The remnants of the Zeon team, fleshed out with a completely novice recruit named Bernie, are assigned to follow the "Gundam Alex" suit (Armored Layers EXperimental, but in Japanese a spoken pun for "RX", the designation of Universal Century Gundam models) to the neutral colony, infiltrate the colony, and then locate and destroy the Alex/RX by any means -- up to and including destroying the colony if necessary.

Along the way, the easy-going and somewhat inept Bernie meets eleven year old school-boy Alfred Izuruha, who with his friends just ADORES the rumors of war going on, and who is excited at first when mobile suit battles start breaking out inside the colony. He doesn't care when he learns Bernie is (barely) a Zeon pilot, he thinks that's just as cool as anything; and touched by the hero worship Bernie makes up stories about being an ace pilot.

Unbeknownst to either of the guys, the cute and friendly red-haired woman who has just moved next door to Al, Christina MacKenzie, is the assigned Federation test pilot for the RX. The situation steadily escalates until to save the colony Bernie and Al must find a way to stop the heavily armed and armored RX/Alex Gundam.

Pocket not only serves as a neat introduction to the Gundam franchise, saluting the various themes and general storyline (especially the maturation of a young boy in a time of war), but it also plays around with those story tropes in unique ways. The young boy practically "falling into the cockpit" in other series becomes a young boy literally falling into the cockpit of a Zeon suit, not the Gundam -- and then being completely unable to do anything with it (other than think it's unbearably cool) BECAUSE HE'S ONLY A LITTLE BOY, DUH!! Each Gundam series tends to have at least one "Char" character, called by fans the "Char clone"; but Bernie Wiseman is the "Char" for this series and he's nearly incompetent with a much friendlier disposition and no secret motives or special powers. The Gundam RX is so overpowered in its design that only Newtypes are expected to operate it (eventually it's meant for Armaro Ray, one way or another depending on when the series is actually set) -- but there are no Newtypes in this series, and Chris though a skilled pilot is merely human she so can barely work it. This leads to the final battle where two pilots who can scarcely operate their machines are forced to fight one another, each of them trying to protect the colony from being destroyed. Al learns harsh lessons about war and ends the series broken-hearted, but never becomes a mobile suit pilot (much less an ace), and unlike normal Gundam heroes of this period he doesn't start out as a pacifist ruefully thrust into fighting -- he starts out thinking war is JUST AWESOME YOU GUYS!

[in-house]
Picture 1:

Pocket features tons of nifty details and even fun comedy moments to leaven the often grim story, packed into a colorful two-hour experience. The art, being from 1989, is a little primitive by modern standards but holds up well thanks to the concentrated production costs. The North American DVD set is readily available, with professional English dubbing and subtitling both. I often recommend this mini-series as someone's first introduction to Gundam as a whole: as a concentrated introduction, it can't (yet) be beat.

Optimus Prime('s voice) himself promos War in the Pocket for a Cartoon Network airing apparently stitching it into its 2 hour movie form. "In war, EVERYONE IS A CASUALTY!" Not an actual line from the show, but that's a classic Gundam concept right there.
Title: Re: Gundam?
Post by: JasonPratt on January 08, 2018, 07:13:39 AM

* MOBILE SUIT GUNDAM: THE 08TH TEAM (aka 08, 1996) -- this twelve episode Universal Century Gundam side-story might count as the first alternate continuity: in the original MSG, the Federation are planning to mass produce Gundams from their headquarters on the Amazon River, but are thwarted by Zeon attacks which destroy the stockpiled Gundams. 08 posits that a large number of these Gundams, dialed down so that normal humans can use them while still benefiting from the advanced armor and weaponry, were shipped off to various battlefronts on Earth to fight the Zeon invasion, allowing the Federation parity with Zeon cyclopian suits. In this case, the setting is Southeast Asia.

So, Gundam Vietnam.  :D

Set during the events of the second MSG movie, the series follows new ensign Shiro Amada, last survivor of a (the?) neutral colony gassed and colony-dropped by the Zeon, and the first late-teen hero of the series. Naturally he has signed up with the Federation, who recognize his piloting and leadership talents and so have assigned him to bring the scruffy and wacky 08th Mobile Suit Team under better control -- but being a genius leader he quickly realizes everyone is better off if he just gives the team a little guidance letting them operate how they want. (Despite his traumatic backstory, he's already a mature and well-adjusted character, whom fans generally regard as a refreshing change from typical Gundam heroes.) Neither Amada nor his squad are ace pilots, although they're quirkily competent, one result being that even today this is still the most solidly "real robot" and hard sci-fi entry in the series.